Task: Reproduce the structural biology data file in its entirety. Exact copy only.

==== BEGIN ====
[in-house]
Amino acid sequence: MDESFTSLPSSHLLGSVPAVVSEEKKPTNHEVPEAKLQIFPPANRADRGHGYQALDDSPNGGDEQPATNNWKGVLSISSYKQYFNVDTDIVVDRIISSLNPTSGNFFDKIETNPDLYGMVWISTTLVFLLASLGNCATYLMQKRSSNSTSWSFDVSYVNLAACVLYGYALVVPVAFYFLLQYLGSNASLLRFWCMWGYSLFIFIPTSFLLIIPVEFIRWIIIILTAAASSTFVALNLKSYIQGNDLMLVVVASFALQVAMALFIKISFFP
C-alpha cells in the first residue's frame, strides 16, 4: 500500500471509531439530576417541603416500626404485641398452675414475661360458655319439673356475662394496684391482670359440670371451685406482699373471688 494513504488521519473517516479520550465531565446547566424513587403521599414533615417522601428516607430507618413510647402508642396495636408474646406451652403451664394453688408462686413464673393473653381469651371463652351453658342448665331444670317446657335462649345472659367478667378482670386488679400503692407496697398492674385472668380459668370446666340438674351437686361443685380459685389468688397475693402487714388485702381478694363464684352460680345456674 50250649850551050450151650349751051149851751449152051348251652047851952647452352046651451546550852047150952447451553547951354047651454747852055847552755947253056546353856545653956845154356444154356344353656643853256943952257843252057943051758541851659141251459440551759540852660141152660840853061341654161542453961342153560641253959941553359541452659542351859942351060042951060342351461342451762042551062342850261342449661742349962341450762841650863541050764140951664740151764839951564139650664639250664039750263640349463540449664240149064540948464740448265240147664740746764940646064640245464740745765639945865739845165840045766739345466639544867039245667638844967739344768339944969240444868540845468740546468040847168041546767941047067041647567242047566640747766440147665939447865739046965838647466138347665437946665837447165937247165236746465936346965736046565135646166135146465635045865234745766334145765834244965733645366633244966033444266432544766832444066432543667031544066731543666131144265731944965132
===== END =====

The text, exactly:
[in-house]
Amino acid sequence: MDESFTSLPSSHLLGSVPAVVSEEKKPTNHEVPEAKLQIFPPANRADRGHGYQALDDSPNGGDEQPATNNWKGVLSISSYKQYFNVDTDIVVDRIISSLNPTSGNFFDKIETNPDLYGMVWISTTLVFLLASLGNCATYLMQKRSSNSTSWSFDVSYVNLAACVLYGYALVVPVAFYFLLQYLGSNASLLRFWCMWGYSLFIFIPTSFLLIIPVEFIRWIIIILTAAASSTFVALNLKSYIQGNDLMLVVVASFALQVAMALFIKISFFP
C-alpha cells in the first residue's frame, strides 16, 4: 500500500471509531439530576417541603416500626404485641398452675414475661360458655319439673356475662394496684391482670359440670371451685406482699373471688 494513504488521519473517516479520550465531565446547566424513587403521599414533615417522601428516607430507618413510647402508642396495636408474646406451652403451664394453688408462686413464673393473653381469651371463652351453658342448665331444670317446657335462649345472659367478667378482670386488679400503692407496697398492674385472668380459668370446666340438674351437686361443685380459685389468688397475693402487714388485702381478694363464684352460680345456674 50250649850551050450151650349751051149851751449152051348251652047851952647452352046651451546550852047150952447451553547951354047651454747852055847552755947253056546353856545653956845154356444154356344353656643853256943952257843252057943051758541851659141251459440551759540852660141152660840853061341654161542453961342153560641253959941553359541452659542351859942351060042951060342351461342451762042551062342850261342449661742349962341450762841650863541050764140951664740151764839951564139650664639250664039750263640349463540449664240149064540948464740448265240147664740746764940646064640245464740745765639945865739845165840045766739345466639544867039245667638844967739344768339944969240444868540845468740546468040847168041546767941047067041647567242047566640747766440147665939447865739046965838647466138347665437946665837447165937247165236746465936346965736046565135646166135146465635045865234745766334145765834244965733645366633244966033444266432544766832444066432543667031544066731543666131144265731944965132